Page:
Aerosol particle electroscavenging by droplets.

by Meng Zhang

Institution: University of Minnesota
Year: 2012
Keywords: Aerosol; Collection efficiency; Electroscavenging; Electrostatic; Particle; Wet scrubber; Mechanical Engineering
Record ID: 1931460
Full text PDF: http://purl.umn.edu/130626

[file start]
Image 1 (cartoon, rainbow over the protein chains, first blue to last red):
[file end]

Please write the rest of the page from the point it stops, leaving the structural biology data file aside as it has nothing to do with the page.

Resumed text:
When water droplets precipitate under the action of gravity and frictional forces, they will collide with smaller aerosol particles and fall to the ground. Usually, either droplets or aerosol particles carry some electric charges, and some may be highly charged. Therefore, the electrostatic effect is a very important factor in particle scavenging. Wet scrubbers as air pollution control devices use the same theory as scavenging to remove both particulate and gas contaminants from the industrial exhaust streams. Electrostatic wet scrubbers were developed in an attempt to improve collection efficiency by raising the attraction force between droplets and particles. Very few numerical models have been developed to describe the phenomenon of particle collection by highly charged droplets when electrostatic force is dominant. In an attempt to understand the physics of scavenging, a new three-dimensional model has been developed to simulate neutral or charged particles collected by a group of neutral or charged droplets. The model can simulate the particle traveling through a matrix of droplets. Both the inertial effect and the electrostatic effect on particle scavenging have been considered. The collection efficiency can be estimated by utilizing this developed model. The effect on the collection efficiency by the size of the particle and of the droplet, the charges of the particle the droplet, and droplet distance have been investigated. A validation approach has also been developed and the study results have achieved good agreement with published data.